Vito Schnabel Gallery is pleased to present Ariana Papademetropoulos: Baby Alone in Babylone, an exhibition of new paintings that find the Los Angeles-based artist drawing upon 15th century lore of the mythical unicorn. In her exploration of this theme, Papademetropoulos considers iconography from two celebrated tapestry series of the late Middle Ages: The Lady and the Unicorn (Musée National du Moyen Âge, Paris), an allegorical fable of the five senses, and The Hunt of the Unicorn (The Cloisters, Metropolitan Museum of Art, New York), a narrative unfolding of the swift, wild horned creature who could only be tamed by a virgin maiden. Constructing her own enigmatical tale in the present day, Papademetropoulos invites viewers to journey between collapsing realities and converging realms, through a sequence of hyperreal, dream-like episodes that coalesce in a story of awakening and transformation.
Opening November 11, 2022, Ariana Papademetropoulos: Baby Alone in Babylone will be on view through January 7, 2023 at Vito Schnabel Gallery’s 455 West 19th Street location. It is Papademetropoulos’ second exhibition with the gallery.
Baby Alone in Babylone takes its title from Jane Birkin and Serge Gainsbourg’s 1983 album of songs portraying the city of Los Angeles as a modern-day Babylon. Building upon this reference, Papademetropoulos, a native Angeleno, channels loose associations to the ancient Mesopotamian empire as an idyllic paradise on earth, revered for its luscious landscapes, gardens and towering architecture– a place of earthly pleasures and vices that was destroyed and lost, but whose legend haunts the collective imagination of Western civilization. Likewise influenced by the atmosphere in Rome, where Papademetropoulos produced the new works on view, Baby Alone in Babylone muses over the stark dichotomy of moral codes and feminine virtues — of purity and chastity — that defined daily life in the Ancient Republic.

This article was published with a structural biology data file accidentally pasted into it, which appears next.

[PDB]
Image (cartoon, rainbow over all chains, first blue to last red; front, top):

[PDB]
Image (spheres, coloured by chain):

A lone baby unicorn serves as protagonist and avatar in Papademetropoulos’ new paintings, which chronicle a fantastical journey from youthful innocence to maturity, towards liberation and individuation. Balancing notions of the pleasurable and romantic with an air of foreboding, her canvases achieve a defining tension between haunting beauty and psychological tension. Art historical references mingle with imagery related to alchemy and the archetypes of Jungian psychology, all in the service of the artist’s unicorn story– a new legend that hints at self-portraiture while broaching topics of femininity and womanhood in general, inviting viewers to reflect upon these highly charged themes in a contemporary context.
Papademetropoulos and the Unicorn
The unicorn has long occupied collective consciousness. A familiar presence in visual art, music, and literature of the Middle Ages, the unicorn is always depicted in a flourishing natural world of flora and fauna that would suggest its existence is as real as our own. The creature’s symbolism is tied to both religious and secular allegory, as it represents fertility and marriage, purity and rebirth. As Europe emerged from the Dark Ages and the Renaissance began to blossom, human sensuality was awakening in new forms; thus the unicorn came to represented Christendom as an allegory of Christ while simultaneously holding secular significance as symbol of courtly love, marriage, and revelry manifested in pure physical form.